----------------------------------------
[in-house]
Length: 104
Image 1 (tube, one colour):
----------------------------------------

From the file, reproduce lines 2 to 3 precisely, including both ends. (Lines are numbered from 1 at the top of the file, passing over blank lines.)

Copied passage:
Length: 104
Image 1 (tube, one colour):